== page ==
John Moore, an immunologist and microbiologist at Weill Cornell Medicine, said it boils down to the fact that that boosters will probably cut your risk of getting sick by about 50%, and that protection probably won’t last.
“Having a booster will give you some additional protection against infection for a short term, which is always what we see with a booster, but it won’t last long. It’ll decline, and it will decline more as the more resistant variants spread,” said Moore, who was not involved in the new research.
The immunity landscape in the United States is more complex than ever. According to CDC data, roughly two-thirds of Americans have completed at least their primary series of Covid-19 vaccines. And data from blood tests shows that almost all Americans have some immunity against the virus, thanks to infection, vaccination or both.
A new preprint study from researchers at Harvard and Yale estimates that 94% of Americans have been infected with the virus that causes Covid-19 at least once, and 97% have been infected or vaccinated, increasing protection against a new Omicron infection from an estimated 22% in December 2021 to 63% by November 10, 2022. Population protection against severe disease rose from an estimated 61% in December 2021 to around 89%, on average, this November.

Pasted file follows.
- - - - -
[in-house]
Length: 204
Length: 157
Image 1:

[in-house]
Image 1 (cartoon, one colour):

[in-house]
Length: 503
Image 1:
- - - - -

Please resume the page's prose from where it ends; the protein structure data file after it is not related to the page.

All of this means the US is in a better spot, defensively at least, than it ever has been against the virus – which is not to say that the country couldn’t see another Covid-19 wave, especially if a new variant emerges that is very different from what we’ve seen, if immunity continues to wane or if behavior shifts dramatically.